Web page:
NYSE Governance Services and Infosec company Veracode recently published results of a survey over of 276 board members titled "Cybersecurity and Corporate Liability". A massive 60 percent of the respondees who answered expect an increase for 2016 in shareholder lawsuits against companies due to cybersecurity issues. Four out of five respondents said they have, at some point, highlighted the issue of cybersecurity liability in boardroom discussions.
More important however, 89 percent of people who answered believe that businesses should be held liable for breaches if they do not make reasonable efforts to secure their customer data. And a whopping 90 percent agreed that third-party software providers should be held liable for vulnerabilities identified in their packaged software, (not that it's going to happen anytime soon with the current contracts in place).
But what constitutes reasonable efforts?
It depends. What industry you are in, how complex your organization is, your business model and the amount of data you store are all parts that influence that determination. However, more and more case law is being written with the large amount of data breaches these last few years.
Craig A. Newman, a partner with Patterson Belknap Webb & Tyler said: "Corporate leaders do not want their companies or brands hurt by the fallout from a major data breach. The headline risk alone—putting aside lost goodwill, consumer trust, market share, and financial standing—is staggering in many cases. That isn't a situation any corporation wants to find itself in. At its core, it's about risk management. No chief executive wants to be the next poster child for a major data breach."
Survey respondents indicated that they are also taking other measures, such as increasing audit committee and board-level oversight - a strategy that is in line with expert recommendations to make quarterly reports to the audit committee and annual reports to the entire board. Some directors and officers say they have increased security training for staff and are hiring outside consultants.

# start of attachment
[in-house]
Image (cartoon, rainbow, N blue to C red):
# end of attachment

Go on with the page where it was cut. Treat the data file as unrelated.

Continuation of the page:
Insurance companies require that a company prove it had taken adequate measures to protect its data, before a payout can occur. The survey revealed that an increasing number of companies are preparing for this contingency, with 52 percent subscribing to employee/insider threat liability coverage and more than 35 percent seeking coverage against loss of sensitive data caused by software coding and human errors.
The research also shows that a large number of respondents believe increased cybersecurity liability will make businesses more accountable in exercising their responsibility to protect consumer data. More than 85 percent of respondents said that companies will increase their focus and spending on cybersecurity controls and training.
One of the controls to put in place is effective employee security awareness training, which combines on-demand web based training with simulated phishing attacks to keep users on their toes with security top of mind. Find out how affordable this is for your organization and be pleasantly surprised.